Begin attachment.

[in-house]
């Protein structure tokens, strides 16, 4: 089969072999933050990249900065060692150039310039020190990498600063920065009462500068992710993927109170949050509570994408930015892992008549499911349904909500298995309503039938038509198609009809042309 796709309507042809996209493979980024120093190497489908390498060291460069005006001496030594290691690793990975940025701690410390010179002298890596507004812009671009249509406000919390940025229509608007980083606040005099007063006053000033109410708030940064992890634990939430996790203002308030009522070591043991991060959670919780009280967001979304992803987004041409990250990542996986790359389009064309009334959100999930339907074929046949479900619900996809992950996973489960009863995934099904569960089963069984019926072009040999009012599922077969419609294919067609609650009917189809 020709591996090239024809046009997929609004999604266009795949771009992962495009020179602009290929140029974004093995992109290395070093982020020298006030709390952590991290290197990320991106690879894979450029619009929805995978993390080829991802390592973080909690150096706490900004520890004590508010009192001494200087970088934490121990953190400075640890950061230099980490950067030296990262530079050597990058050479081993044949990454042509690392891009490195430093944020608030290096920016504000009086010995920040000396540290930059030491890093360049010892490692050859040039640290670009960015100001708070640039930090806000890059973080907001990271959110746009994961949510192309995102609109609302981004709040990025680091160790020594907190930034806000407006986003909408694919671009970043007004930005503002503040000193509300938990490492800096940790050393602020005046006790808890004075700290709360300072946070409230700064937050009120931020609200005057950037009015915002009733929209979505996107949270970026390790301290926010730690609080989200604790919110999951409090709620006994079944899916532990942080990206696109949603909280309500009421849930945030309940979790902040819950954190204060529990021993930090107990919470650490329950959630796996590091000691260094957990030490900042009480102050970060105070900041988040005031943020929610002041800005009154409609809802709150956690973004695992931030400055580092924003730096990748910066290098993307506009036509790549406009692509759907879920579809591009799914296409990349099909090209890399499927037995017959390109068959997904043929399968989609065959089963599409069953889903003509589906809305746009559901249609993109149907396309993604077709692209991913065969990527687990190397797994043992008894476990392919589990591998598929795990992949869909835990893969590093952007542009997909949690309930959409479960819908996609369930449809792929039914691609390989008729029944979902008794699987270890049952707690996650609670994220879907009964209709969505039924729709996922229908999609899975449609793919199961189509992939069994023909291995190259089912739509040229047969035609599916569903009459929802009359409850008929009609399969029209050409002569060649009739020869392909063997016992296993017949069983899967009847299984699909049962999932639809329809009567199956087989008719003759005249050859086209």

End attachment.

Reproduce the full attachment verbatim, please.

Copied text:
[in-house]
């Protein structure tokens, strides 16, 4: 089969072999933050990249900065060692150039310039020190990498600063920065009462500068992710993927109170949050509570994408930015892992008549499911349904909500298995309503039938038509198609009809042309 796709309507042809996209493979980024120093190497489908390498060291460069005006001496030594290691690793990975940025701690410390010179002298890596507004812009671009249509406000919390940025229509608007980083606040005099007063006053000033109410708030940064992890634990939430996790203002308030009522070591043991991060959670919780009280967001979304992803987004041409990250990542996986790359389009064309009334959100999930339907074929046949479900619900996809992950996973489960009863995934099904569960089963069984019926072009040999009012599922077969419609294919067609609650009917189809 020709591996090239024809046009997929609004999604266009795949771009992962495009020179602009290929140029974004093995992109290395070093982020020298006030709390952590991290290197990320991106690879894979450029619009929805995978993390080829991802390592973080909690150096706490900004520890004590508010009192001494200087970088934490121990953190400075640890950061230099980490950067030296990262530079050597990058050479081993044949990454042509690392891009490195430093944020608030290096920016504000009086010995920040000396540290930059030491890093360049010892490692050859040039640290670009960015100001708070640039930090806000890059973080907001990271959110746009994961949510192309995102609109609302981004709040990025680091160790020594907190930034806000407006986003909408694919671009970043007004930005503002503040000193509300938990490492800096940790050393602020005046006790808890004075700290709360300072946070409230700064937050009120931020609200005057950037009015915002009733929209979505996107949270970026390790301290926010730690609080989200604790919110999951409090709620006994079944899916532990942080990206696109949603909280309500009421849930945030309940979790902040819950954190204060529990021993930090107990919470650490329950959630796996590091000691260094957990030490900042009480102050970060105070900041988040005031943020929610002041800005009154409609809802709150956690973004695992931030400055580092924003730096990748910066290098993307506009036509790549406009692509759907879920579809591009799914296409990349099909090209890399499927037995017959390109068959997904043929399968989609065959089963599409069953889903003509589906809305746009559901249609993109149907396309993604077709692209991913065969990527687990190397797994043992008894476990392919589990591998598929795990992949869909835990893969590093952007542009997909949690309930959409479960819908996609369930449809792929039914691609390989008729029944979902008794699987270890049952707690996650609670994220879907009964209709969505039924729709996922229908999609899975449609793919199961189509992939069994023909291995190259089912739509040229047969035609599916569903009459929802009359409850008929009609399969029209050409002569060649009739020869392909063997016992296993017949069983899967009847299984699909049962999932639809329809009567199956087989008719003759005249050859086209």